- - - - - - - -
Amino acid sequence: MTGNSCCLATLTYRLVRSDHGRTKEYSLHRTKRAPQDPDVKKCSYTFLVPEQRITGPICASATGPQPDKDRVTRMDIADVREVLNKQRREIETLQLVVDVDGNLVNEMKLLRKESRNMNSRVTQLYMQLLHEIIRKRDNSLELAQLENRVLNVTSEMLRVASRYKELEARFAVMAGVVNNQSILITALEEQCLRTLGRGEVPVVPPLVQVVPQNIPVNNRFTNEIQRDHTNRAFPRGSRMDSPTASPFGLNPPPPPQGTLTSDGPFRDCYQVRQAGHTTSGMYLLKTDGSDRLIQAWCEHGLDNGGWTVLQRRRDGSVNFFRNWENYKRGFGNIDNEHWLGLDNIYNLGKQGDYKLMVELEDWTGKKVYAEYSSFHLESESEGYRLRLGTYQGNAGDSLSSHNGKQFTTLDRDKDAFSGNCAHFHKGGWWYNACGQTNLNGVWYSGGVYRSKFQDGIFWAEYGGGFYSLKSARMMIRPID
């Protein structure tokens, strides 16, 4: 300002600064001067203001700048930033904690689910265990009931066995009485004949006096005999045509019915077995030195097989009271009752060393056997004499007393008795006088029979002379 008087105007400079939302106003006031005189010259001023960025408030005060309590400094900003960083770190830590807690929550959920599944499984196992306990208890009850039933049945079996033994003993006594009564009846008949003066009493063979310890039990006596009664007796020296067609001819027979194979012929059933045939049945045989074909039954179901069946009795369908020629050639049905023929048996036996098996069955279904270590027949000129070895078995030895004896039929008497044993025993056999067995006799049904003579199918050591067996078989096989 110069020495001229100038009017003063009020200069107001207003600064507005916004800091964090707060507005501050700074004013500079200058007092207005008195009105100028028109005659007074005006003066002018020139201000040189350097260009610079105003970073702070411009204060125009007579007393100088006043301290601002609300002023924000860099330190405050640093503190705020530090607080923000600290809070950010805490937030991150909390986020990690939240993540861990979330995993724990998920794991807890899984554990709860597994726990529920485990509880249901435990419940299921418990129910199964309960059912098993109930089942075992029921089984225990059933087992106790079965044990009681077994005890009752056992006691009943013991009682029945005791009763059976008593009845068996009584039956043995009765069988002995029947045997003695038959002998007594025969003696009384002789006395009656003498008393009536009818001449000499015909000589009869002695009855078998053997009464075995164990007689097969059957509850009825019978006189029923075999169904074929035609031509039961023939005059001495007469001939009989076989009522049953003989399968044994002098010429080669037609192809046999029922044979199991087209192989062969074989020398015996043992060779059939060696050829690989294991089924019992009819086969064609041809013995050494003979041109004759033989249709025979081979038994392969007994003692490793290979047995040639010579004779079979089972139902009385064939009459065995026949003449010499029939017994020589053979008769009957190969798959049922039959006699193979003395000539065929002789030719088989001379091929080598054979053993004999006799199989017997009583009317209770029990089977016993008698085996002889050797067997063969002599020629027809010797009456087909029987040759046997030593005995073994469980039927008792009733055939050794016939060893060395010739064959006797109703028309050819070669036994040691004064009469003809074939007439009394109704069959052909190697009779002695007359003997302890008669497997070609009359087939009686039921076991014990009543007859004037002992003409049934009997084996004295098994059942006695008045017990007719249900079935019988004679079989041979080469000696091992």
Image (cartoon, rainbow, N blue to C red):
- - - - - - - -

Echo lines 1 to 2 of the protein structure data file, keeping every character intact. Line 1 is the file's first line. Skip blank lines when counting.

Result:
Amino acid sequence: MTGNSCCLATLTYRLVRSDHGRTKEYSLHRTKRAPQDPDVKKCSYTFLVPEQRITGPICASATGPQPDKDRVTRMDIADVREVLNKQRREIETLQLVVDVDGNLVNEMKLLRKESRNMNSRVTQLYMQLLHEIIRKRDNSLELAQLENRVLNVTSEMLRVASRYKELEARFAVMAGVVNNQSILITALEEQCLRTLGRGEVPVVPPLVQVVPQNIPVNNRFTNEIQRDHTNRAFPRGSRMDSPTASPFGLNPPPPPQGTLTSDGPFRDCYQVRQAGHTTSGMYLLKTDGSDRLIQAWCEHGLDNGGWTVLQRRRDGSVNFFRNWENYKRGFGNIDNEHWLGLDNIYNLGKQGDYKLMVELEDWTGKKVYAEYSSFHLESESEGYRLRLGTYQGNAGDSLSSHNGKQFTTLDRDKDAFSGNCAHFHKGGWWYNACGQTNLNGVWYSGGVYRSKFQDGIFWAEYGGGFYSLKSARMMIRPID
């Protein structure tokens, strides 16, 4: 300002600064001067203001700048930033904690689910265990009931066995009485004949006096005999045509019915077995030195097989009271009752060393056997004499007393008795006088029979002379 008087105007400079939302106003006031005189010259001023960025408030005060309590400094900003960083770190830590807690929550959920599944499984196992306990208890009850039933049945079996033994003993006594009564009846008949003066009493063979310890039990006596009664007796020296067609001819027979194979012929059933045939049945045989074909039954179901069946009795369908020629050639049905023929048996036996098996069955279904270590027949000129070895078995030895004896039929008497044993025993056999067995006799049904003579199918050591067996078989096989 110069020495001229100038009017003063009020200069107001207003600064507005916004800091964090707060507005501050700074004013500079200058007092207005008195009105100028028109005659007074005006003066002018020139201000040189350097260009610079105003970073702070411009204060125009007579007393100088006043301290601002609300002023924000860099330190405050640093503190705020530090607080923000600290809070950010805490937030991150909390986020990690939240993540861990979330995993724990998920794991807890899984554990709860597994726990529920485990509880249901435990419940299921418990129910199964309960059912098993109930089942075992029921089984225990059933087992106790079965044990009681077994005890009752056992006691009943013991009682029945005791009763059976008593009845068996009584039956043995009765069988002995029947045997003695038959002998007594025969003696009384002789006395009656003498008393009536009818001449000499015909000589009869002695009855078998053997009464075995164990007689097969059957509850009825019978006189029923075999169904074929035609031509039961023939005059001495007469001939009989076989009522049953003989399968044994002098010429080669037609192809046999029922044979199991087209192989062969074989020398015996043992060779059939060696050829690989294991089924019992009819086969064609041809013995050494003979041109004759033989249709025979081979038994392969007994003692490793290979047995040639010579004779079979089972139902009385064939009459065995026949003449010499029939017994020589053979008769009957190969798959049922039959006699193979003395000539065929002789030719088989001379091929080598054979053993004999006799199989017997009583009317209770029990089977016993008698085996002889050797067997063969002599020629027809010797009456087909029987040759046997030593005995073994469980039927008792009733055939050794016939060893060395010739064959006797109703028309050819070669036994040691004064009469003809074939007439009394109704069959052909190697009779002695007359003997302890008669497997070609009359087939009686039921076991014990009543007859004037002992003409049934009997084996004295098994059942006695008045017990007719249900079935019988004679079989041979080469000696091992």